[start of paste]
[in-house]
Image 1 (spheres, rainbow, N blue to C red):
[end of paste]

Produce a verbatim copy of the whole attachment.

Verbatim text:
[in-house]
Image 1 (spheres, rainbow, N blue to C red):